The answer lies somewhere in between.
BT Sport can feel justified in defending their position over the 12.30pm kick-off row on the basis that they are indeed the wrong targets.
It is the Premier League that agrees the timings of matches with the clubs.
So yes, it made for good telly and yes, it trended on Twitter. But presenters and journalists should not be placed in the position of having to defend themselves in the crossfire. They are just doing their jobs.
These are discussions to be had between chief executives and the competition organisers. Not managers and broadcasters.
And yet the fall-out from the congestion sparked by coronavirus has everyone at each others’ throats.
Like Ole Gunnar Solskjaer and Pep Guardiola during this first few months of the new season, Jurgen Klopp has every right to go ballistic over his players being asked to perform every three days at the highest level. The German – who sarcastically applauded the assistant referee after Brighton’s equaliser – had warned last week that the fixture scheduling means they may not finish the season with 11 players.
James Milner’s premature end to this game underscored his concerns. He’d started the game in midfield before moving to right back then making an early exit. Another muscle injury. Another important, versatile player to Klopp rendered unavailable to the Champions for a number of weeks.
Trent Alexander Arnold, already out, spoke to the Mirror on Saturday to express his concerns about the punishing schedule. Jordan Henderson, Andy Robertson, Joe Gomez, Xherdan Shaqiri and Thiago Alcantara – all of whom have suffered this season – would doubtless back him up.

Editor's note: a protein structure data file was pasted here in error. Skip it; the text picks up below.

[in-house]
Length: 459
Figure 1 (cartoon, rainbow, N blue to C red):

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When does it end for Liverpool? If you’re keen to see them surrender their Premier League title, you probably don’t care.
If you care about player welfare – regardless of which club you support – then you’d agree that we have reached a tipping point.
The trouble is, the 12:30pm slot is an important one for broadcasters – especially with fans not going to stadiums for 3pm kick offs. It makes money – big money – for the Premier League in the Asian markets where it suits several eastern time zones. These are all considerations when the contracts are signed. And the contracts do matter.
What doesn’t matter is who is right and who is wrong. What matters more is the sharp rise – 16 per cent – in muscle injuries compared to this point last season. Klopp absolutely has a point.
Have Liverpool been unfairly disadvantaged by the television schedule this season? Have your say here.
Brighton boss Graham Potter – who suggested pre-match that Liverpool needed to put their shoulders back and get on with it – found himself having to deal with injuries that saw him withdraw both striker Neal Maupay and substitute midfielder Adam Lallana prematurely.
To pinch a point in the second minute of injury time was some going in the circumstances.
Regardless of the exasperation over VAR, it was a penalty. Robertson had kicked Danny Welbeck’s boot in the box. It was just that it was neither clear, nor obvious. Pascal Gross converted after Maupay had missed an opportunity to put Brighton ahead midway through the first half.
What a shame the controversy around the game and the aftermath overshadowed Diego Jota’s ninth goal of the season. The Portugal international went past two defenders and firing into the bottom corner.
VAR – correctly – ruled out goals from Mo Salah and Sadio Mane in either half for offside.
It was that kind of day for Liverpool. It is an achievement in itself that with all of the setbacks and obstacles in front of them, they are still punching their weight at the top.
If they are to be taken down this season, they’ll have to be carried out on their shields.
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